Leaders of Iran

Tuesday, November 30, 2004

Hassan Ghafurifard said that justice will be able to solve most of the problems faced by our people

RFE/RL Iran Report:
11 June 2001
"YOUTH SUPPORT ESSENTIAL FOR VICTORY. About 66 percent of the Iranian population is above the age of 15, or old enough to vote, and it is estimated that at least half the population is under 30. Moreover, 69 percent of the voters in the 15-24-year-old range favored the incumbent, President Mohammad Khatami, according to a pre-election poll of 500 Tehran voters conducted by Zogby International. All of the country's opinion-makers and political leaders recognized the importance of the large block of youth voters, and the presidential candidates tried to appeal to them.

Khatami dropped by a 1 June meeting of the Office for Strengthening Unity, which is the country's biggest pro-Khatami student group, and told the 300 people there that "[t]oday, the student movement should push ahead with reforms patiently to bring about independence and freedom in Iran."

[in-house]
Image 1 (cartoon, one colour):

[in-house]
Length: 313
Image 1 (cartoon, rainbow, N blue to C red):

Several of the other candidates participated in a "Students and the 2001 Elections" conference at Tehran University on 30-31 May. Ahmad Tavakoli told the assembled students that he was not a member of any political faction, and he intended to solve the country's economic problems by eliminating corruption and facilitating development. He would reduce governmental involvement in national affairs, Tavakoli added, while increasing oversight of government contracts with foreign entities. Hassan Ghafurifard said that justice, respect for intellectuals, and domestic security, when combined with rich natural resources and good facilities, "will be able to solve most of the problems faced by our people." Ghafurifard complained about the country's factional bickering, too.

Mansur Razavi told the audience that a "solidarity government" was needed to bring all the factions together, and a democracy based on religious values would settle many of Iran's problems. Saying that economic reforms should come first, Mustafa Hashemi-Taba described himself as an experienced "pro-left" figure under whose watch as industries minister over 1,000 factories opened, and during his time as vice president for physical training, 15 sports complexes opened. For Iran to achieve progress and prosperity, Shahabedin Sadr told the students, the country needs "youth-oriented executive management," political calm, national solidarity, and social welfare.



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